A Tale of Two Night Owls

Often people assume we must have known each other from childhood. After all, how many psychological scientists grew up in the northeast corner of Texas in the ‘50’s and ‘60s? Our hometowns are less than 100 miles apart, which by Texas geographical standards is right around the corner. In some ways, we were similar kids — we both applied the Dewey Decimal System to our family’s home libraries, we both were inveterate night owls, and we both attended Texas state universities (with Morton majoring in English literature and Hill majoring in microbiology). Despite these childhood similarities, it took two and a half decades of life (for Morton) and three (for Hill) before we met.

Our nocturnal proclivities were what put us in the same room in 1981. The early 80s: the age of Radio Shack TRS-80 microcomputers, daisy wheel printers, TICO text editors, PDP-10s, the ARPANET, and — most relevant — cheaper mainframe computer time after midnight. Thus, supporting social psychological research, our romantic attraction was born of proximity during the wee hours of the morning in the computer terminal room of the old psychology building at the University of Texas at Austin. Two years later, in a 10-day period, Morton defended her dissertation, we married, and we packed up a three-bedroom, two-bathroom townhouse and headed out of town.

Like many academic couples, the stages of our lives have been defined by our geographical moves, which have been directed by the academic marketplace. Our first relocation was to idyllic Eugene, Oregon, in 1983. The move itself was not so idyllic: We have flashbulb memories of driving a big rental truck through rain pelted Oregon forests along steep, narrow logging roads as timber-loaded trucks whizzed by us at breakneck speeds. Morton (normally content to ride shot-gun) can verify that it was indeed Brady’s “passive” monkeys who developed more ulcers. Yet, once we arrived safely at the University of Oregon, we found a gracious and comfortable home, both personally and professionally. What took 18 months to resolve, however, was getting Hill an official, tenure track position at Oregon. In the meantime, he remained an assistant professor in Austin, providing us with a 1,500-mile commute. In retrospect, we were lucky that it worked out so quickly; those were the days before spousal hiring programs.

Our next move took us to Madison, Wisconsin, in 1992. By then, we had made our marks in the field and the challenge of the “two-body problem” had lessened. Although Morton had scouted out the environment during a Halloween visit in which she met former Chancellor Donna Shalala (dressed as a mouse, with the system-wide president dressed as a cat), it was Hill who influenced the final decision, telling Morton that at least Wisconsin was warmer than his PhD alma mater state of Minnesota (“I hear in Wisconsin that they don’t even plug their cars in at night”).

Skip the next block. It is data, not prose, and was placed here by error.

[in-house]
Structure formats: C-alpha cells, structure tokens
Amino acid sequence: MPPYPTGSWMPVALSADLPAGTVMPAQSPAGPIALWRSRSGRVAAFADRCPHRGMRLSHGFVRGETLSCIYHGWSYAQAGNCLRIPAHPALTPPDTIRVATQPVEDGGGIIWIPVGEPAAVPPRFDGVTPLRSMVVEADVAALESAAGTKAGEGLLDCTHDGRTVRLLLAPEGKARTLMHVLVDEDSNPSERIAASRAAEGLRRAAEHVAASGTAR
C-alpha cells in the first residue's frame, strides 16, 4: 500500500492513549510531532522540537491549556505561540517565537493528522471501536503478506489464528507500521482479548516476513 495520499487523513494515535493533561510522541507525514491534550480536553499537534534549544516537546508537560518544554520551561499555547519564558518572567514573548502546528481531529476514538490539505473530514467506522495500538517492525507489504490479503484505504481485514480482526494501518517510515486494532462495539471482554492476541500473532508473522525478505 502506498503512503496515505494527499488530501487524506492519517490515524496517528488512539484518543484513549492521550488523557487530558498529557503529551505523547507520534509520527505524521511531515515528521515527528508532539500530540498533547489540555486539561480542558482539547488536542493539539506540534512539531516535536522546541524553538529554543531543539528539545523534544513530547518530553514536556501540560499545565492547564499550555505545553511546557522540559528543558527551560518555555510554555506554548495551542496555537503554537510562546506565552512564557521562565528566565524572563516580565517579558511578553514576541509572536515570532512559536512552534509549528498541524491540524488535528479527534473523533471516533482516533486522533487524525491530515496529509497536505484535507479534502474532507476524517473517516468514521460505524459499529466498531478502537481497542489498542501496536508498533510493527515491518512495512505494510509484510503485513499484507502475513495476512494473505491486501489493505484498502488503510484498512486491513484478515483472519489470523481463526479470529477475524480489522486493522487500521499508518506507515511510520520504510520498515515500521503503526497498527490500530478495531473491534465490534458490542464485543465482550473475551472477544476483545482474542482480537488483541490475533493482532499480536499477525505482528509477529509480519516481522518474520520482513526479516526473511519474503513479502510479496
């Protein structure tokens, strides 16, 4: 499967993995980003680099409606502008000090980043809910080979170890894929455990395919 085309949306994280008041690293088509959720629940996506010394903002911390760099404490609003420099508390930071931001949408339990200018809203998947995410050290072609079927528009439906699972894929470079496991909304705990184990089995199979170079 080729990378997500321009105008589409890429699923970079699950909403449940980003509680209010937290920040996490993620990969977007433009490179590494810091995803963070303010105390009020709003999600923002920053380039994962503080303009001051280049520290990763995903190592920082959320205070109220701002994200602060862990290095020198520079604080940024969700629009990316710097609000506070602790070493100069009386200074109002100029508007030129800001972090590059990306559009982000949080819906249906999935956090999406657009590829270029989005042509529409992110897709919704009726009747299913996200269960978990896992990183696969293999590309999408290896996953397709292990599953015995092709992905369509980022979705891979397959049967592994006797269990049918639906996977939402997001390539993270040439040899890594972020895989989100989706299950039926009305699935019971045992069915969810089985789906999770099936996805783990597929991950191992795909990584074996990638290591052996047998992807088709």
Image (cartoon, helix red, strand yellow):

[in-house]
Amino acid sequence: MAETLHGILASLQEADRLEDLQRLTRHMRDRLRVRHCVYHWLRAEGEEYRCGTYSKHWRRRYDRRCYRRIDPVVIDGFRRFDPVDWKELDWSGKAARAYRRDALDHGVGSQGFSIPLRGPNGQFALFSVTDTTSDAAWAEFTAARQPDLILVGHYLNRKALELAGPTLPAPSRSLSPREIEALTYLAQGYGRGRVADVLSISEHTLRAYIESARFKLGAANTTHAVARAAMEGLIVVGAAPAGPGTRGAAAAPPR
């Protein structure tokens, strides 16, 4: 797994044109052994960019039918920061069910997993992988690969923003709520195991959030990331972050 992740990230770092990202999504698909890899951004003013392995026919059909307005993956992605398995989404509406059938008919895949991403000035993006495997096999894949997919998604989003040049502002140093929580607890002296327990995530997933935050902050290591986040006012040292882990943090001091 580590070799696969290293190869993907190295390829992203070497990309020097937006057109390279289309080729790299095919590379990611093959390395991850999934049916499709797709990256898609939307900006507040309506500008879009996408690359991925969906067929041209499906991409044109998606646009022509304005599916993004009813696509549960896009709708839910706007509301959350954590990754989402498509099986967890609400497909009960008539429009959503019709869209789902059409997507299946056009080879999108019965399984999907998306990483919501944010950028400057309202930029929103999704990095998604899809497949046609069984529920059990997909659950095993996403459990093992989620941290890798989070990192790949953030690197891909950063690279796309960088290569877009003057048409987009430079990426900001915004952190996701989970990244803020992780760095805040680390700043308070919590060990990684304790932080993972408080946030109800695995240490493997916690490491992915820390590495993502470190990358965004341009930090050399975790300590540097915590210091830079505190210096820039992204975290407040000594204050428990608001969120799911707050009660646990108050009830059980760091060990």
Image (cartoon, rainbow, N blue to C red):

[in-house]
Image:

At the University of Wisconsin, we have fallen into different, but complementary, academic roles. In short, Hill tends to be “Mr. Inside-the-Department” while Morton is “Ms. Outside.” Hill found a niche in the department chair role for a few years, and he continues to be closely involved in departmental business. Morton seems to have served on every committee the college and university has constructed, some of them twice, and she stays busy with national organizations. Other than service to NIH, Hill tends to stay closer to home.

Do we conduct research together? For years it was an unlikely prospect. Morton, trained as a cognitive scientist, views the 2 x 2 factorial design as the incarnation of pristine elegance. Hill, a developmental behavioral geneticist, favors seemingly unending longitudinal twin projects with a slew of variables. We had starts and fits at collaboration, such as that classic publication, “Do readers mentally represent characters’ emotional states?” but none of the efforts were earth-shattering. Then, after more than a dozen years of marriage, at age 40 (Morton) and 46 (Hill), we began the most wonderful collaboration of our life; our son Drew was born in 1996.  We knew that our lives would change, but we never imagined that Drew would lead us to be research collaborators — and that he would choose the topic: wondrous autistics, like himself.

As we write this essay, Morton and Hill hold a few grants together to study autism, Morton has published an article about Drew, and Drew seems to have mapped out a full research agenda for all three of us. Among the many attributes for which Drew manifests hybrid vigor is his nocturnal penchant, but we don’t harbor any suspicion that he will make a career in psychological science. A few years ago, as a seven-year-old, Drew typed, in response to a family friend asking whether he aspired to be an academic: “No way. The hours are long, and the pay is lousy.” t

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